There are big changes happening in government at the moment and this includes security. One of the things the security profession is tackling, is the need to upskill our people and ensure we have a strong talent pipeline for the future.
A Cyber Security Technologist standard was designed, approved and published back in May 2016. The standard looks at common industry language, role requirements and the skills needed to help narrow the cyber skills shortage in government.
This work has paved the way for 25 new Cyber Security Technologist Apprentices for 2017. They will be part of the the Cyber Security Apprenticeship Scheme (CAS), which is funded by the National Cyber Security Programme.
There were two pilots before this, which were led by the Cabinet Office. A small team in HMRC, who now delivers CAS, are using a new approach:
- The recruitment is strengths-based and not a competency assessment, which is usual practice. This helps focus the recruitment on the applicant's strengths, numerical reasoning and technical aptitude. Additionally, we took a more inclusive approach on social mobility, gender balance and those on the autism spectrum
- Knowledge modules are based on blended learning; using a virtual environment, webinars, face-to-face mentoring and formal classroom activity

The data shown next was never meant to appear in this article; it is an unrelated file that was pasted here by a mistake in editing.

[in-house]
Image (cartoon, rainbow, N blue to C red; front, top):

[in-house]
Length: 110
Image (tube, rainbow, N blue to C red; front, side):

- Trialling Assistant Officer grades, instead of them being at Executive Officer level. This decision is based on employer and line manager feedback, while aligning to other apprenticeship delivering organisations, within the Critical National Infrastructure and CESG. This has helped us offer a competitive salary to those enrolling.
It’s very encouraging to see the level of interest we have had in the programme and cyber security. We plan to engage with other government departments, who will bid for cyber apprentices, in January 2017. This ensures that promotion, attraction and recruitment align with the academic year, with apprenticeships beginning in September 2017.
Ideally the apprentices will be recruited on permanent contracts across government. This will help with retention of these critical cyber skills, and develop them further to become experts of the future.
Jon Ashton, Head of Profession for Security